by Bret Contreras July 28, 2011
This comes from page 64 of my glute eBook, Advanced Techniques in Glutei Maximi Strengthening. I thought my readers who have not yet purchased the eBook would find this interesting. Mel was years ahead of his time. The question is, what are you doing in your strength training to increase your horizontal force production in the hips? [hint, hint: hip thrusts!] Note that the pictures below (which I redrew from Supertraining) are the beginnings of the hip thrust evolution.
And probably the best analysis of load vector comes from the great Mel Siff in his legendary book Supertraining. Here are a series of quotes from Siff:
“In some events, such as swimming, inertia plays a major role in the entire process, unlike in running, where the specificity of movement depends on horizontal thrust and the vertical oscillation of the athlete’s center of gravity.”[i]
“To fulfill the criteria of correspondence with respect to the amplitude and direction of movement, it is advisable to select the exact starting position and posture of the athlete, as well as to calculate the direction of action of the forces associated with the working links of the system and the additional load. The line of action of the applied external resistance and of the loaded movement as a whole must also be taken into account.”
“For example, in middle-distance running, skiing and skating, a knapsack full of sand or a weight belt are sometimes used as resistance. However, the muscles which bear the load are those which resist the weight of the body. This can increase the ability to cope with vertical loading and develop general strength-endurance, but does not strengthen those muscles which propel the body horizontally.”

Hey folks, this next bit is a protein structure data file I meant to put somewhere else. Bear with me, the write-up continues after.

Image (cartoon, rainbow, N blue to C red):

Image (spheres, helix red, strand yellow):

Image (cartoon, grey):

“Similarly, a skater may execute jumps on one leg on the floor or from a bench. These exercises strengthen the leg muscles supporting the body and the static-endurance of the back muscles, but do not fully imitate the working of the muscles for the push-off, where the force is directed backward.”
“Skaters should use another method or resisted movement by changing the direction in which the force of resistance is acting. [Figure showing three different towing methods; 1) towing a human, 2) towing a weighted sled, and 3) towing a sled with a human sitting on it while skating] These methods to a large extent match the training exercise to the dynamics of the sport specific actions.”[ii]
“The strength exercise should not only reproduce the full amplitude of the movement but also the specific direction of resistance to the pull of the muscles.”[iii]
Siff then explains how sport typically involves simultaneous coordinated tension of muscle groups, such as the simultaneous flexion and extension at the two hip joints in running, where the angular movement of one leg enhances the push-off movement of the other. [He depicts the following exercises, which he credits to Verkhoshansky in 1977, to illustrate complex exercises for simultaneous strengthening of the hip flexors and extensors, and knee extensors.][iv]
[i] Siff, Mel. Supertraining. 5th Ed. Supertraining Institute, 2003: 138.
[ii] Siff, Mel. Supertraining. 5th Ed. Supertraining Institute, 2003: 241-242.
[iii] Siff, Mel. Supertraining. 5th Ed. Supertraining Institute, 2003: 244.
[iv] Siff, Mel. Supertraining. 5th Ed. Supertraining Institute, 2003: 242.
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